FORT MYERS, Fla.- The Lee County Health Department in partnership with the Animal Services Division of Lee County cautions the public to be weary of potential animal bites, especially from dogs, as it marks National Dog Bite Prevention Week May 15-23, along with a significant increase in dog bite injuries.
Dog bite injuries have more than doubled in 10 years statewide, but in Lee County the dog bite injuries have tripled in the same period, according to state injury statistics. More than 1,000 animal bites occur annually in Lee County, and 75% of them are from dogs.
“All biting mammals can carry the deadly rabies disease,” said Dr. Judith Hartner, Director of the Health Department. Few are confirmed to have the deadly disease, but all victims are recommended to receive rabies treatment because awaiting disease confirmation before beginning treatment may result in the victim’s death.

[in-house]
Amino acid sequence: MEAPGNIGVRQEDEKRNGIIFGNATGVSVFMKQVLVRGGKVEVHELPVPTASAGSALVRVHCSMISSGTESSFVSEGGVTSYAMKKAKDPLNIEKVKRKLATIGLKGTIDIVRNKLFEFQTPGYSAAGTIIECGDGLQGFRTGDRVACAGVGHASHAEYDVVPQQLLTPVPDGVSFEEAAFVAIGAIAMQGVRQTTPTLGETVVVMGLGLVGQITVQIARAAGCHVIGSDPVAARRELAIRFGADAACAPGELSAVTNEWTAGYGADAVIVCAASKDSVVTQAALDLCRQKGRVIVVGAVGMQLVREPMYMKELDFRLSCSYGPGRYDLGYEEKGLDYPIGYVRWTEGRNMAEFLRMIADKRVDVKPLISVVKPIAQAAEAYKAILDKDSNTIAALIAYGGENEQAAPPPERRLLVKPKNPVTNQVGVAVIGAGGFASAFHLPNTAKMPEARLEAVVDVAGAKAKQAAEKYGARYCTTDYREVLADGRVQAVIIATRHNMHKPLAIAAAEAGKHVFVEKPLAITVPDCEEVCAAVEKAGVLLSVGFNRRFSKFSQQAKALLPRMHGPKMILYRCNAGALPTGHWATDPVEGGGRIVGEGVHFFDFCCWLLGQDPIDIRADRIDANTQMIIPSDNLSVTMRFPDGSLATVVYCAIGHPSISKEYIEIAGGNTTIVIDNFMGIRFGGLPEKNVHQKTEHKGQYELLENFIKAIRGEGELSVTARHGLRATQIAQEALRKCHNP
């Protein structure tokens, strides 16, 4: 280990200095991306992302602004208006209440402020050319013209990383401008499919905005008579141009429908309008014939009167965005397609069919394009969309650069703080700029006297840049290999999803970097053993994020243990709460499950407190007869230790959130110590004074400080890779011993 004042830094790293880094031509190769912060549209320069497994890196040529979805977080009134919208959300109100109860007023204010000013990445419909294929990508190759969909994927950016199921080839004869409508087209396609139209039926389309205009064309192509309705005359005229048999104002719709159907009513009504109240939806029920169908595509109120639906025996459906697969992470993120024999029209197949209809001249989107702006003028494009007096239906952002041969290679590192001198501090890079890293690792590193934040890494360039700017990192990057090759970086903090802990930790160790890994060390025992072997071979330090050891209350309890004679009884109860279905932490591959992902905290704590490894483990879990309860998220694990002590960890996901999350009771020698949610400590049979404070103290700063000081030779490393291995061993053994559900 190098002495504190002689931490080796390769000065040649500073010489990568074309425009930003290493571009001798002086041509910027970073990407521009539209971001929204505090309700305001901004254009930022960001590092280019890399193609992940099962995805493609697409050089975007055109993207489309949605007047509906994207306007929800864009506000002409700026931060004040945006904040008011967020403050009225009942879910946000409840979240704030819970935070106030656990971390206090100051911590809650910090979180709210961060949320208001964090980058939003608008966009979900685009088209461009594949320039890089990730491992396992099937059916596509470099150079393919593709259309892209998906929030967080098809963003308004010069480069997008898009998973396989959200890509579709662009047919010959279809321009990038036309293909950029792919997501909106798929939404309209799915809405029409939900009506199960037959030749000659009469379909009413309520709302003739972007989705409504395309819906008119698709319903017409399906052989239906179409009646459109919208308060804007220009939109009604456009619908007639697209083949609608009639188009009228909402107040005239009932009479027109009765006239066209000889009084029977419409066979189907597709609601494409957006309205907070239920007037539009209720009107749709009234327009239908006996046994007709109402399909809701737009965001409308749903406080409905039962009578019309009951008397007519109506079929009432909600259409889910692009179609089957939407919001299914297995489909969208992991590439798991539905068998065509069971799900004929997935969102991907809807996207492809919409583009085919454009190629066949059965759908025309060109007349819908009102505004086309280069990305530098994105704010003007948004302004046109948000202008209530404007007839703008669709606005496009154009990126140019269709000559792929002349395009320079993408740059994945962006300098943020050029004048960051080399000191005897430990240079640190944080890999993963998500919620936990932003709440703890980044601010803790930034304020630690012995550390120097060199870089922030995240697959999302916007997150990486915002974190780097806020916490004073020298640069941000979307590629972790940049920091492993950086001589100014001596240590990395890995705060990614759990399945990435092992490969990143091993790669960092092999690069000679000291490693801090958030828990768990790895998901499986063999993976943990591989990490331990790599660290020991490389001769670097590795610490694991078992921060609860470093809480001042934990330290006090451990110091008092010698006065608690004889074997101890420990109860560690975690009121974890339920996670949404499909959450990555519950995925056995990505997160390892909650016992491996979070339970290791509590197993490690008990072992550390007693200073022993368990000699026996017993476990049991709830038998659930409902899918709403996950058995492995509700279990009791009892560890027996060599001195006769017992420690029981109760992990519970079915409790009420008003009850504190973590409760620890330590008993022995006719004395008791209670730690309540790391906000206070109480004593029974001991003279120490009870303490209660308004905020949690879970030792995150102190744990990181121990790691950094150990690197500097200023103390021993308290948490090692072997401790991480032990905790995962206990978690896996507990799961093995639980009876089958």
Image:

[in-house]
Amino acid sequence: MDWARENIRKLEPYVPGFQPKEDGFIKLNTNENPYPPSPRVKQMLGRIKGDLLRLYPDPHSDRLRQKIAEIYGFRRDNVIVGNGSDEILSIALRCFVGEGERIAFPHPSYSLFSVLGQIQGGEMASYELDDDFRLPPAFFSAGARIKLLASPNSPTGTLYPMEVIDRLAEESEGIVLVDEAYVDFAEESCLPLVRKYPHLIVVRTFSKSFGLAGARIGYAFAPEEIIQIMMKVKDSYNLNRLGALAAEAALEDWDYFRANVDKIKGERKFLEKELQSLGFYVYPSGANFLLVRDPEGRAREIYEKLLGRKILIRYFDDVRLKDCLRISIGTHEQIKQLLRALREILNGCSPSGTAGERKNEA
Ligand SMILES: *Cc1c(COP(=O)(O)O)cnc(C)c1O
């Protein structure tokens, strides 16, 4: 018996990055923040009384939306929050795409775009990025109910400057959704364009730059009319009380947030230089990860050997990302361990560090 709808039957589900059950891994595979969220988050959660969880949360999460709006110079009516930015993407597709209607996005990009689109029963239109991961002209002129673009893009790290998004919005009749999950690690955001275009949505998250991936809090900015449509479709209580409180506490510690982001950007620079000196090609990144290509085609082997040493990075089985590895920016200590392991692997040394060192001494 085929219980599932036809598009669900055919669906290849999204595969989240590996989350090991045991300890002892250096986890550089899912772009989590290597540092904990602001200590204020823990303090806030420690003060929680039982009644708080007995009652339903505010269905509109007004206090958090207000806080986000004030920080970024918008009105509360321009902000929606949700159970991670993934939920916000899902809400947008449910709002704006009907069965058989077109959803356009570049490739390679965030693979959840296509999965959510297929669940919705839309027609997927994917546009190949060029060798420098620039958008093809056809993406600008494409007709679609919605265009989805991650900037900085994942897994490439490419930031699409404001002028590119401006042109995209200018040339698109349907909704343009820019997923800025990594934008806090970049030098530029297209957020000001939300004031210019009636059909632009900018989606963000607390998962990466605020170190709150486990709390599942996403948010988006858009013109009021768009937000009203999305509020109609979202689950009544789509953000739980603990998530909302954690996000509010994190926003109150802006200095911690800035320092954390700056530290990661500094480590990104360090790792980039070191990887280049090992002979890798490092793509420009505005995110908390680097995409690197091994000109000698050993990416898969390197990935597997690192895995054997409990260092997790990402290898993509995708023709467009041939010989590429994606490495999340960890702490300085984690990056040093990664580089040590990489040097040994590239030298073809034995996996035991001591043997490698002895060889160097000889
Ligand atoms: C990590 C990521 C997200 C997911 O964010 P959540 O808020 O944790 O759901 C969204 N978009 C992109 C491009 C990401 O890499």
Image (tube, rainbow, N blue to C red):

Although dog bites occur year round, summer is a time when children are out of school and bites increase along with animal rabies cases.
To prevent animal bites and possible rabies infections, follow these simple steps:
· Never approach an unfamiliar dog or wild animal.
· Never run from a dog and never scream around a dog.
· If you believe an animal is about to attack you, try to place something between yourself and the animal, such as a backpack or a bicycle.
· If a dog knocks you over, roll into a ball, cover your face and stay still.
· If bitten by any animal seek immediate treatment by a physician.
Contact the Lee County Health Department to report animal bites at (239) 332-9501 and Lee County Domestic Animal Services for more information on dangerous dogs (239) 533-7387 Monday through Friday from 8 a.m. to 5 p.m.